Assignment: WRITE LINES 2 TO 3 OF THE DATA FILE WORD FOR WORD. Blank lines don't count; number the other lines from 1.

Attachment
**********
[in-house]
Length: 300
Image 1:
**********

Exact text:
Length: 300
Image 1: